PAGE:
Rumple remembers always having a flower garden at her own mother’s house. That’s when her interest began.
“We planted some beautiful Star Gazer lilies and every year when they come up, she [her mom] reminds me that those were planted just for me and she sends me pictures.”
Rumple’s career in flowers began at 13, when her family moved to a house near a florist in Rush County. She decided to check out the shop and walked away with a job that she held off and on for 15 years.
Now in Brown County, she’s living out that passion as Village Florist’s main designer.
But it’s a process that’s difficult for her to explain.
“Usually it just kind of flows,” Rumple said. “I don’t know. It just comes naturally there’s no way to explain it. It just happens. It’s just like a vision, and it just happens… It’s not as easy as it looks.”
She has big dreams for her floral career. She’d love to become certified by the American Institute of Floral Designers (AIFD) and have her designs widely published in magazines. She wants to be a floral designer to the stars.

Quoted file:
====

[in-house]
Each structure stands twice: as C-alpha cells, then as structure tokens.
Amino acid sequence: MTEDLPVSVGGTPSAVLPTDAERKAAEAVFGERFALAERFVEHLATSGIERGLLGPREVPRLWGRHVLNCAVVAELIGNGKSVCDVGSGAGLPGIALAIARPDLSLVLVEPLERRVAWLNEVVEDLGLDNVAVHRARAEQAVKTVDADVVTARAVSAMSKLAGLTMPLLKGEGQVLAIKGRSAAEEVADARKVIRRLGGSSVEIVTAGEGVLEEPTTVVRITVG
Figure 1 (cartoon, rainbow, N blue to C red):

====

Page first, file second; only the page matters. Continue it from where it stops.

At the root of it all, though, are flowers.
“They’re just beautiful,” she said, “and to be able to make something nice and for it to put a smile on someone else’s face, just brings great joy.”
With signs, windmills and music in tow, the marchers trekked into Bryan Hall and upstairs to President Michael McRobbie’s office where they read a letter calling for the IU Foundation to divest its endowment from fossil fuel companies within five years.
Divestment means to pull funds from those companies, rather than investing in them.
McRobbie wasn’t in the office, but that didn’t keep members of the core Reinvest IU group from voicing their platform.
“Indiana University cannot claim to be proactively addressing climate change while the IU Foundation investment committee continues to make substantial investments in the fossil fuel corporations responsible for climate change,” organizers read. “Investments that seriously undermine the well-being of our future are morally reprehensible and make a mockery of IU’s commitment to nurturing healthy and flourishing lives.”